estimating sessions, was key to delivering on time and
on budget. During a time box the project team regularly
recreated new requirements, which were placed on the
PRL. At the end of the time box the PRL was assessed to
see if the teams experience would move new requirements
into the upcoming time box replacing previous plans. This
decision was always made by the business, informed by
the team.
This was a change from the organisations existing way of
working. Adding or removing requirements were seen as
a change of scope requiring a change request and impact
assessment. Working with DSDM saved at least one manday per week by not performing these tasks.
Modelling
Modelling was regularly used in facilitated workshops as a
communications technique, most commonly using a white
board or flip-chart in line with the DSDM model.
Models were:
l Processes
l Data models
l Functional diagrams
l Technical diagrams
l User stories or journeys
If the result was needed as a product it was digitally
photographed and recreated in an appropriate software
package. In some cases the images were so powerful that
they were created as storyboards and used as project
communications tools. If they added understanding to a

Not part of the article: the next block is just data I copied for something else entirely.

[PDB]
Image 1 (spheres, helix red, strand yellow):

requirement they were added to the entry in the PRL.
Prototyping
Prototyping was used from the start of exploration to help
design web functionality and determine usability, from web
wireframes through to fully developed pages with stubs
to replicate real data. Prototyping has rarely been used in
the organisation, and the increase in pace and quality of
requirements gathering which would have normally been
done through one to-one sessions between business and
analysts was a surprise to team members.
Roles
Several conversations were held with the business about
the required seniority of the Business Sponsor in the
organisation truly being able to force open closed doors.
Furthermore whether they were willing to empower other
team members to make decisions The empowerment
conversation was challenging as the corporate culture was
hierarchical and made more difficult by the ability of many
people to say no rather than yes. The turning point in
the conversation came when there was a realisation that
through the use of time boxing any poor decision would
be highlighted within the time box cycle (4 weeks) in the
time box review which they would attend.

26 MARCH 2012 | www.pmtoday.co.uk

Lessons learned

Open communication can cause challenges


By opening up all parties to all communications and
changes we created some re-work in our first engineering
time box. This is because one of the offshore development
teams interpreted every design change to web pages
during the feeder exploration time box as a programming
change and therefore work to be done.
The communications channel between the design team
and that specific offshore team was removed, only passing
information when design was signed off.
Work being done that was not on the PRL
Any requirement needed to be entered on the PRL, whether
it was functional, non-functional or user experience. If it
was not on the PRL it was not done, and more importantly
not billed.
A week long gap appeared between time boxes which
was a one-off due to poor planning. This was filled by
exploration work commissioned by a team lead without
the knowledge of the project manager, even though daily
stand ups were happening during this period.